Retrospective analyses of patient food and activity logs from a 12-week training study including three supervised 60-min sessions/week of moderate intensity bicycle ergometry, in 19 middle-aged, overweight men with type 2 diabetes, provided insight into the optimal activity-meal timing (51). Again, blood glucose levels were significantly decreased when cycling was initiated following ingestion of meals but not when cycling was completed in the fasting state. The amount of time after a meal may also be important. Another retrospective study where 15 older aged, obese, men and women with type 2 diabetes completed five 30- to 60-min supervised exercise sessions/week for 12-weeks, found significantly greater reductions in blood glucose when meals were ingested less than 2-h prior to exercise, rather than more than 2-h (52). However, neither a control group nor post-meal exercise data were included.

The above-described literature addressing activity-meal timing is indeed scant with small sample sizes and dichotomous outcomes (Table 1). Some studies are retrospective and some do not include a non-activity control group. Despite current efforts to elucidate the optimal exercise-meal timing, a prospective randomized controlled trial that thoroughly assesses the time course of activity-meal timing on postprandial hyperglycemia and other cardiometabolic risk factors (such as postprandial lipemia) is urgently required. Such an intervention should also separately examine nondiabetic individuals and people with type 2 diabetes, in order to inform guidelines for diabetes prevention as well as diabetes treatment. Since carbohydrate quality influences postprandial glycemia and has been shown to influence exercise adaptations for some (53) but not all (54) variables, examination of the timing between exercise and meals of differing glycemic index/load is also prudent. Besides walking, other practical means to interrupt sitting time, such as standing, stair climbing, or body-weight circuit exercises, also remain to be investigated in the context of an activity-meal time course. Given the different effects of pre- vs. post-meal activity on blood glucose control, the lack of exercise-induced improvement in blood glucose control documented in some studies (5558) may have been influenced by activity-meal timing. To enhance knowledge, it is prudent for future training studies to consider and report activity-meal timing.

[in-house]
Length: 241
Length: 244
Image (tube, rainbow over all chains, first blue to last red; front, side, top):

TABLE 1
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Table 1. A summary of published studies that have examined the effect of pre-meal vs. post-meal physical activity on postprandial glycemia and lipemia.

How can Sitting Time be Interrupted?

Recent data shows that physical inactivity accounts for more CVD-related deaths (37%) than smoking (19%), and hypertension (13%) combined, and that 15–17% of all premature deaths is attributable to low fitness (59, 60). Therefore, it is now critical that strategies to reduce inactivity are developed. Although guidelines often provide clear examples for physical activities (61), many of them are impractical. For instance, only brisk walking or using a skipping rope would be feasible activities for use as voluntary substitutes for sitting when voluntary habits like TV viewing, reading, or computer/tablet/smartphone use occur. Muscle strengthening exercises or yoga are also possible. However, sitting is often involuntary and enforced during a commute (driving cars or taking public transport) or while at school, university, or work (including office workers and delivery/public transport drivers). Accordingly, alternative approaches to reducing sitting time and inactivity during a commute and/or at the workplace are necessary.

Previous works by Levine extensively examine the ability of different types of simple physical activities to increase daily energy expenditure above resting levels (62, 63). Not surprisingly, standing up increases energy expenditure above levels induced by sitting, while walking at incremental speeds further increases energy expenditure in a dose-dependent fashion (62). However, the magnitude of the increase in energy expenditure above basal levels that is induced by motionless activity (i.e., standing) is minor in comparison to activities that require ambulation (62, 63). For instance, Levine found that stair climbing increases energy expenditure above resting levels and expends more energy than standing in an elevator (64). Such observations have led to small-scale stair climb interventions which show some benefits to postprandial glucose control in healthy and diabetic individuals (6569). Therefore, from an energy expenditure perspective, some form of movement to interrupt sitting would be preferable to simply standing up. This point is highlighted in Figure 1 using metabolic equivalent data extracted from the compendium of physical activities (70). That said, some evidence described above supports the use of standing alone as a means for interrupting sitting time and optimizing blood glucose control and cardiometabolic health (3034). Further research is necessary to determine how much, when, and for whom standing is sufficient to improve blood glucose control and cardiometabolic health. Regardless, if standing is the sole activity permitted or available to interrupt sitting time, it is indeed a useful starting point.